I travelled to Memphis a few weeks ago. It was amazing, and exceeded every expectation I had. I do not know how and why it took me so long to get here; over the years I have been led to believe that there wasn’t much to do or that it wasn’t worth my time. All I can say now is that I am so incredibly sad I had not been there before.
Memphis is a town that knows what side of its tourist bread is buttered on; the airport’s logo is a music note, and the background music in the terminal is Elvis. Rental cars were cheap, and you need a car for Memphis. (Okay, it depends what you are coming to Memphis to do. If all you want to do is get drunk on Beale Street, then you should forgo the car, and the exorbitant downtown hotel garage parking prices, and stay downtown. If you are there to see the sights, you will need a car, no matter how appealing the various shuttle services might be.)
Our first stop was Payne’s BBQ, which is a 10 minute drive from the airport. There is no shortage of delicious foodstuffs on your way to downtown — or anywhere, really — from the airport, and thus no reason you shouldn’t stop and fortify yourself. Having an opinion about barbecue in Memphis is like having an opinion about coffee in Seattle; the front desk clerk at our hotel had no qualms at sniffing at our revelation that we’d been to Payne’s, stating that he was a Central BBQ man himself. You don’t have to choose sides, so try them all. Payne’s is an old gas station; the line was short, and the pulled pork served with a surprisingly delicious and mustardy cole slaw.
Despite my dreams of staying at the Peabody, we opted for the cheap and cheerful Holiday Inn Express near the medical center, because we knew we would be spending very little time in the actual hotel room. It was centrally located, had free parking, and was reasonably priced for Memorial Day weekend. The front desk handed over all sorts of coupons for Graceland and Stax; unfortunately the Graceland coupons were not valid on, you guessed it, Memorial Day weekend, but we appreciated the gesture.
Our first destination was Ardent Studios, where a friend had kindly arranged for us to meet up with Jody Stephens for what I imagined would be a quick walk through the studio. Jody graciously spent over an hour and a half taking us around the place and into the various studios. It is a gorgeous building, with a courtyard and fountain and decks and patios and art everywhere. He regrettably had no Replacements stories (but did show us a great photograph I’d never seen from the album release party, with the band wearing plaid hats and looking suitably ragged) but did talk about the Afghan Whigs (no surprise, he loved them) and Big Star and Lynyrd Skynryd and ZZ Top and a long list of others who worked in the building. I love being in places where creative energy has been present over a period of time and am always thrilled to walk into a room where magic has happened. The lobby is more or less open to the public and you can see the wall o’gold records recorded there, as well as a small tribute to the late John Fry (including his bronze tennis shoes), and the neon Big Star logo just behind the reception desk. H/T to Glenn for managing his Memphis playlist (more on this later) so we pulled into the parking lot listening to “Alex Chilton”.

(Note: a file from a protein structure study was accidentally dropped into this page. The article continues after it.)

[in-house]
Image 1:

I posted about this on Tumblr, but while researching things for the trip, I found a great Jim Dickinson quote about the ‘Mats in Memphis:
You’ve got about eight blocks from Ardent to the former Holiday Inn on Union at McLean.
Yeah, and they could get in trouble in those eight blocks, believe me! They could score dope before they were out of the parking lot. They were amazing. You know that line in “Can’t Hardly Wait”: “Lights that flash in the evening/through a hole in the drapes”? That’s about that hotel.
Of course, that meant that I had to find it (it’s empty now):
After grabbing a coffee to calm down after starting our Memphis sojourn with a bang, we headed for Sun Studios. The Sun tour is every hour on the half hour, and even Mystery Train aside, I had never heard great things about it — but if you want to get into the room you have to take the tour. Our tour was mobbed, which was to be expected on a holiday weekend; our solution to that is to make sure that we’re either the first people or the last people. Even if you don’t care about the tour or the studio, stopping at the gift shop will give you enough of the feel of things, with photos and memorabilia on the wall, and every possible type of merchandise with the Sun label logo. (And, free parking in back, which will never not be a delightful thing for a New Yorker.)